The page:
- to un-hotplug (remove) the "integrated" card (unlikely)
                      - power-savings while running intensive rendering software

                      Why spend valuable XOrg dev time on this?
                      The switching case is necessary for some older MUXed systems and also,
                      .
                      Lots of laptops have outputs connected to the nvidia on docking stations, in order to use those outputs you have to really switch to running the nvidia card fully.
                      (in some situations this also involves copying the panel frontbuffer back to the intel to display). Anything else would just suck. Eventually it might be possible with xinerama improvements to avoid this situation but its non-trivial.

                      Also valuable Xorg dev time usage is decided by the developers and their employers, and both myself and my employer would quite like to have this project finished already!

                      Comment


                      • #12
                        Originally posted by airlied View Post
                        the first implementation will just involve setting an env var, like DRI_PRIME=1, then I'm hopefully going to add a gnome-shell extension to make the same possible from a launcher or some sort.

                        After that people can do what they like ;-)

                        Dave.
                        Thanks for the straight answer !

                        Comment


                        • #13
                          Originally posted by airlied View Post
                          the first implementation will just involve setting an env var, like DRI_PRIME=1, then I'm hopefully going to add a gnome-shell extension to make the same possible from a launcher or some sort.

                          After that people can do what they like ;-)

                          Dave.
                          I'm sold. The user side of things is going to be far more awesome than I was expecting.

                          I guess all that's left to do is have devs pester Nvidia to resubmit their EXPORT_SYMBOL patch. I need working VDPAU.
                          Last edited by LLStarks; 06-08-2012, 09:38 PM.

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                          • #14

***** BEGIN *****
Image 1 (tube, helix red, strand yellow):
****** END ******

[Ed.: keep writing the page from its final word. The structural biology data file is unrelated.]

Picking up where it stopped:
Will this work for systems that don't have "Optimus", like Ivy Bridge desktops that also happen to have a discrete GPU?

                            Also, I guess this doesn't even scratch the surface of the LucidLogix Virtu MVP hardware... would that hardware support provide any advantage if it were enabled? From what I understand, the only thing it would provide that we don't already have after this work is merged is, you could run a single application being rendered from two cards simultaneously. So if you have a weak CPU and a weak discrete GPU, you could combine them together and get more FPS out of your app than either of the constituent GPUs could do alone. It sounds kind of nice, but in my case I just use my ridiculously fast HD7970 whenever I need oomph -- and the Intel 3770K when I don't.

                            Oh, and the LucidLogix would also allow different applications to use different hardware within the same "X server" (on Windows it's on the same desktop). So you could create 4 hardware-accelerated windows on your desktop and have the top-left one only render on the IGP, the top-right only render on the GPU, the bottom-left render on both, etc. Can we do this without the LucidLogix hardware support? Or would we need that hardware?

                            Comment


                            • #15
                              Originally posted by allquixotic View Post
                              Will this work for systems that don't have "Optimus", like Ivy Bridge desktops that also happen to have a discrete GPU?
                              Hmm, is it possible to disable a discrete PCIe card at runtime? That'd be interesting.

                              Otherwise, there's another scenario I was thinking of - in case the discrete card can only handle two displays, could one use the integrated GPU as an output slave for a third display?

                              Comment